Flight Centre Travel Group Ltd (ASX: FLT) flew its shareholders into turbulent airspace last week as its shares plummeted on the back of another earnings downgrade. The shares traded at $44.59 on Tuesday, before plummeting 23.3% following the earnings downgrade to just $34.21.
In an update to the market, Flight Centre said it expects full-year underlying profit before tax (PBT) to be between $355 million and $365 million, the mid-point of which is at the bottom of the company’s previously targeted range of $360 million to $390 million. Notably, that targeted range was only provided in December when Flight Centre first downgraded its earning guidance from between $395 million and $405 million.
So What: The travel agency business has long defied the doubters of its business model, many of whom believed it was only a matter of time before Flight Centre fell victim to the online sector. Rather than crashing however, Flight Centre’s profits and earnings per share have continued to rocket higher, resulting in fantastic shareholder returns.
Indeed, prior to last week’s decline, the stock had surged 160% over the last three years and a remarkable 1,203% since the depths of the Global Financial Crisis in 2009.
However, investors now fear that those structural changes have come to fruition after the company’s managing director, Graham Turner, cited a loss in market share to the online players last week. That likely includes companies such as Webjet Limited (ASX: WEB), together with Airbnb, Priceline and Expedia. He said that the company’s leisure turnover for the year was just 2.7%, underperforming the market’s 3% growth rate as online agencies stepped up their game.
Notably, this may also be the result of the tough economic environment, whereby consumers are turning to cheaper ways to book their travels. Indeed, Flight Centre did cite a number of cyclical issues for its earnings downgrade, which included diminishing consumer confidence and a slowdown in the mining boom.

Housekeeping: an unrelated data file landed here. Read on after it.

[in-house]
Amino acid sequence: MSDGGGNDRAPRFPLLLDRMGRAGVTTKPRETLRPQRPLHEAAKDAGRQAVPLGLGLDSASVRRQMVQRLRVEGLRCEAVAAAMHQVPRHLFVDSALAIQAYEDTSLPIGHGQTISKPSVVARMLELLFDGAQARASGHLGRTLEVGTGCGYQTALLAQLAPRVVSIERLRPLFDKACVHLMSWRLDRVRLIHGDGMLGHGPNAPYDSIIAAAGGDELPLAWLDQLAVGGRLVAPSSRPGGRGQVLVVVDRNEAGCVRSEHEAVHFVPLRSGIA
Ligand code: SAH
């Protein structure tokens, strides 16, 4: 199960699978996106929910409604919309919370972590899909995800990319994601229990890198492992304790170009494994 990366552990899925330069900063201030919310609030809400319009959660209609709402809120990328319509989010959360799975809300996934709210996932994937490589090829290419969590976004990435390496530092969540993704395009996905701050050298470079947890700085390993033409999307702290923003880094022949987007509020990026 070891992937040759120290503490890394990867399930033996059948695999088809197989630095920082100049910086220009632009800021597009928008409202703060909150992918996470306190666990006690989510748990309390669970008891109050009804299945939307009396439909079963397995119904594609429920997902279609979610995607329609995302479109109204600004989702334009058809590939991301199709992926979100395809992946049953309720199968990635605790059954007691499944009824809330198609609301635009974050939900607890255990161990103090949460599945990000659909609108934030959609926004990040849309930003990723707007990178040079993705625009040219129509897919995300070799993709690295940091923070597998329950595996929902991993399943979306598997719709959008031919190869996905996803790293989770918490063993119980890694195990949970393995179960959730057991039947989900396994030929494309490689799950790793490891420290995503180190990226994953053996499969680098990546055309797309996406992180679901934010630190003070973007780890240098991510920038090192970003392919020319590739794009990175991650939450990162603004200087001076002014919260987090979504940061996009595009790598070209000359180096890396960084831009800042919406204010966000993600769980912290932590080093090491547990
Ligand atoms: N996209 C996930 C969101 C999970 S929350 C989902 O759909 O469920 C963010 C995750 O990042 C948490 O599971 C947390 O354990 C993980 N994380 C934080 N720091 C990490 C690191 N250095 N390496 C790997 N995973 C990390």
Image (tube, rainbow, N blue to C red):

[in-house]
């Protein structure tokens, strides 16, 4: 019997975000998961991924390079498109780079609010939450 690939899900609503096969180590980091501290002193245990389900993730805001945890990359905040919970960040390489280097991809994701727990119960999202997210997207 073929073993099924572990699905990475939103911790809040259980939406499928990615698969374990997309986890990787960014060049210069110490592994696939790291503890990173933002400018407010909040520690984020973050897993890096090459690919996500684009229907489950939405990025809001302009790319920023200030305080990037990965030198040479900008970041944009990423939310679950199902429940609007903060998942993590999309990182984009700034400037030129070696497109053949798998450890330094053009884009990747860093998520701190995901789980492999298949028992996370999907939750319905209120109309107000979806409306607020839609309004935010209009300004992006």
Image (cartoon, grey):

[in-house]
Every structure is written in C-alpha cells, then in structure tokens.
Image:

Now What: Personally, I believe the sell-off has been overdone whereby investors are putting too much weight behind the demise of traditional bricks-and-mortar travel agencies. Sure, I believe online travel booking will be profitable in the years ahead (indeed, I own shares in the US-listed Priceline and TripAdvisor), but I believe companies like Flight Centre will also continue to play a key role in aiding travellers.
One of the key reasons behind this belief is that while booking trips online might be more convenient, it is made more difficult for complex booking arrangements. At the same time, companies like Flight Centre can bundle together packages, making the overall trip cheaper for the individual than if they were to book it themselves online.
Although Flight Centre is by no means a risk-free investment prospect, I do think the shares present as excellent value today, especially considering the company’s growth prospects internationally.
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Motley Fool contributor Ryan Newman owns shares in Priceline and TripAdvisor. The Motley Fool Australia has no position in any of the stocks mentioned. We Fools may not all hold the same opinions, but we all believe that considering a diverse range of insights makes us better investors. The Motley Fool has a disclosure policy. This article contains general investment advice only (under AFSL 400691). Authorised by Bruce Jackson.
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